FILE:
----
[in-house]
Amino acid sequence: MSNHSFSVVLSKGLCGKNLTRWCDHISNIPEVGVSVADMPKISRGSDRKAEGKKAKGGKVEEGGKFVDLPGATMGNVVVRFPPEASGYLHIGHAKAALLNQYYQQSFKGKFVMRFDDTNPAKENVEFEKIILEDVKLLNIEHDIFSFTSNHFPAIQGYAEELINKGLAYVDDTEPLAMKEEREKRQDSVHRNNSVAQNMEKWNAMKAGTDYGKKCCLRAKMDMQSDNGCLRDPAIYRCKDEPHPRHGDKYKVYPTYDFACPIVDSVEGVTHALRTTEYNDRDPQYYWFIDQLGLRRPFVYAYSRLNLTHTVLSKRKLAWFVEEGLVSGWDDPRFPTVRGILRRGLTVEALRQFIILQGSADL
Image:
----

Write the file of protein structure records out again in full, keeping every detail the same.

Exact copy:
[in-house]
Amino acid sequence: MSNHSFSVVLSKGLCGKNLTRWCDHISNIPEVGVSVADMPKISRGSDRKAEGKKAKGGKVEEGGKFVDLPGATMGNVVVRFPPEASGYLHIGHAKAALLNQYYQQSFKGKFVMRFDDTNPAKENVEFEKIILEDVKLLNIEHDIFSFTSNHFPAIQGYAEELINKGLAYVDDTEPLAMKEEREKRQDSVHRNNSVAQNMEKWNAMKAGTDYGKKCCLRAKMDMQSDNGCLRDPAIYRCKDEPHPRHGDKYKVYPTYDFACPIVDSVEGVTHALRTTEYNDRDPQYYWFIDQLGLRRPFVYAYSRLNLTHTVLSKRKLAWFVEEGLVSGWDDPRFPTVRGILRRGLTVEALRQFIILQGSADL
Image: